|Asparagus fern about to be rescued by yours truly!|
Pat and his mom have the same mantra: Ferns love to be root bound. That may be true, but root-bound plants get on my nerves!! I have been asking Pat to repot several of our ferns that Mom B gave us years ago! To me they look like they are struggling. However, if one is patient and picks the right time to re-pot--ferns can easily multiply!
The asparagus fern that is about to do a multiplying act is actually sitting on the table without it's pot. Yes folks, talk about root bound--I could probably leave the plant like it is for several months, water it, and it'd still be green and good to go!! However, that might be border-line plant cruelty--so repotting, here we come!
Before we get to the repotting portion of this post, a little bit about asparagus ferns. In my brief research on this plant I learned quickly that it is not part of the asparagus family, nor a fern. The foliage looks like asparagus plants, and the way the plant falls over the pot looks like a fern. However, this plant is a part of the lily family because it flowers and produces berries. Asparagus fern loves sun and drought! That is a boost for this family's yard! Allowing the plant to dry thoroughly between watering is highly recommended. While it does like sun--in this Texas heat we're having the foliage will turn yellow if there is too much sun, so part shade is recommended. We have ours in dappled shade, and I will be looking for other areas in the yard to give my newly repotted plants a little more sun so they can flourish. The ferns can be planted in the soil and will die back due to freezing, but will rebound in the spring after the dead foliage is cut back. I have not noticed asparagus fern in the ground in our area (8a/b), but apparently folks in Louisiana plant the fern in the ground all over the place.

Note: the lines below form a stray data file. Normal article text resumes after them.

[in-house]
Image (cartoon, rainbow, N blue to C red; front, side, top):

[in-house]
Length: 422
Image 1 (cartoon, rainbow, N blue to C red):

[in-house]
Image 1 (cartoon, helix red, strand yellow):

|Prior to sawing, it's important to part the "hair." |
Okay, I was just messing around here!!
|Here he goes!! After the sawing, we had 4 plants to be potted!|
This process will produce a lot of casualties, but the huge root system on this old plant (we can't remember how long we've had it, but we decided that it is at least 13 years old) will produce more foliage in no time at all.
|Here's a shot of the root system--|
This plant is here to stay!
I used my trusty wheelbarrow to mix the potting soil. I used a mix of good potting soil and Lady Bug compost, plus just a little vermiculite to help with drainage. I lightly wet the soil. I wanted to be able to keep the soil loose around the roots in the new pots so the roots can quickly find their way to the nutrients and become root-bound in less than a year! (Just kidding about the root-bound part.)
Have fun repotting ferns---they are so lovely around the landscape and super easy to grow!!
|The final product!! Here are 3 of the 4 pots I was able to propagate. Actually, I could have|
split the plant in half--I didn't have large enough pots, and the pot the plant
was in originally was plastic and was not usable.